Canterbury DHB


General Comments Concerning Pain Relief

Adequate pain relief is fundamental for the comfort and dignity of patients in the palliative and terminal phases of their illness. Addiction to opioids is not believed to be a risk in this patient group.

Paracetamol is an excellent analgesic with a good side effect profile. Care should be used if it is thought possible that the paracetamol could mask a fever.

NSAIDs are generally avoided in patients who may have low platelets or a bleeding disorder.

Morphine is the opioid of choice. Consider a concurrent routine laxative prescription.

Other opioids can be of use in specific situations such as renal failure or if there is notable morphine toxicity. These include oxycodone, fentanyl and methadone.

Note: For patients already on methadone, refer to Prescribing, Supply and Administration of Methadone and Buprenorphine/Naloxone (Suboxone®) on the intranet.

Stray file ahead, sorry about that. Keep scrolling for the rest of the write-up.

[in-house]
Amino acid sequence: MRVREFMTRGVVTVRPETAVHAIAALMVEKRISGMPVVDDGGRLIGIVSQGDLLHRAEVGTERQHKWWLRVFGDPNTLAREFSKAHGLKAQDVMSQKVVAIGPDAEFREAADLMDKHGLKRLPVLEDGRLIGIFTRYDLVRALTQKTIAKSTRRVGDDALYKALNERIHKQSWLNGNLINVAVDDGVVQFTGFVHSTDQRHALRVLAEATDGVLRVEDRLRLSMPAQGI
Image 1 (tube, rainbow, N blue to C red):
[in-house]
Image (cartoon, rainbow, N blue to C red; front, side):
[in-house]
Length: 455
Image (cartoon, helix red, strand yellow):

Analgesics are most effective when given regularly. Administration on a PRN basis is generally ineffective, as the patient must experience pain in order to request analgesia.

Additional drugs may enhance the analgesic effect of opioids, e.g. anti-inflammatories and bisphosphonates in bone pain, and co-analgesics such as corticosteroids, tricyclic anti-depressants, and anticonvulsants in neuropathic pain.

Side effects may occur from analgesics, and often these can be anticipated. Patients taking opioids should be warned about nausea, vomiting, sedation, and constipation. These problems should be anticipated and treated accordingly.

About this Canterbury DHB document (5062):

Document Owner:

Sean Macpherson (see Who's Who)

Last Reviewed:

January 2019

Next Review:

January 2022


Note: Only the electronic version is controlled. Once printed, this is no longer a controlled document. Disclaimer

Topic Code: 5062